The Minoritenplatz is one of the oldest public squares in Vienna. It is located in the first district Innere Stadt, and is dominated by the Minoritenkirche church, after which the square is named. The church itself was constructed by the Greyfriars (Minoriten), after the Austrian Duke Leopold VI of Austria invited them to Austria in 1224. Since the square is in direct proximity to the Hofburg Imperial Palace, a number of aristocratic families took up residence in the square from the 16th to the 18th century.
City-palaces (Palais) located at the Minoritenplatz are:
- Palais Dietrichstein (constructed in the 17th century, located at Minoritenplatz 3)
- Palais Liechtenstein (1706, Minoritenplatz 4, entrance also at Bankgasse 9)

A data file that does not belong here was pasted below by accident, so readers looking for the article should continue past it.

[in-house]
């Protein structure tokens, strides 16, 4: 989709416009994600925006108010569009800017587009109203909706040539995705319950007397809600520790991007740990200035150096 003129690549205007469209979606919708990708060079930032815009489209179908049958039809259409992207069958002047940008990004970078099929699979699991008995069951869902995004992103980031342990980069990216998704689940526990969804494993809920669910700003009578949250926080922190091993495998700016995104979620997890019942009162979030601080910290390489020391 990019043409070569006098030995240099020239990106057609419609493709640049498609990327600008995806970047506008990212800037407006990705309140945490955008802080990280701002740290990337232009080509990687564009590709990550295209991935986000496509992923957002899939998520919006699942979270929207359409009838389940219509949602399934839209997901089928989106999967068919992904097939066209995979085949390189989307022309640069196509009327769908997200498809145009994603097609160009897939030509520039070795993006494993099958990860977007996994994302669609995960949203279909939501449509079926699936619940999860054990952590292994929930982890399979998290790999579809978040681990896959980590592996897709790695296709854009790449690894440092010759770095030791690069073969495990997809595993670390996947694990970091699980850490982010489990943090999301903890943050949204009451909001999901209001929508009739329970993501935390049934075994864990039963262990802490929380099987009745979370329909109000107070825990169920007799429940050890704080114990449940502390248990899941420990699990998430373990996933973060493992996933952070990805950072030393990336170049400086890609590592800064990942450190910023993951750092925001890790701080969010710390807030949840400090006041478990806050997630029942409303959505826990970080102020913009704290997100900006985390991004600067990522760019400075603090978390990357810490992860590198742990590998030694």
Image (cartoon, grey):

- Palais Starhemberg (1650-1661, Minoritenplatz 5)
- Palais Niederösterreich (1839-1848, Minoritenplatz 7, entrance also at Herrengasse 13)
- Landeshauptmannschaft (formerly Statthaltereigebäude, Minoritenplatz 9, entrance also at Herrengasse 11)
Located on Minoritenplatz 1 are the Austrian State Archives (Österreichisches Staatsarchiv), founded in the 15th century by Maximilian I, Holy Roman Emperor as the Family, Court and State Archive (Haus-, Hof- und Staatsarchiv). The building itself now only dates back to 1901. Close to the Archives is the Austrian Federal Ministry for Foreign Affairs, located at Minoritenplatz 8.
Media related to Minoritenplatz, Vienna at Wikimedia Commons
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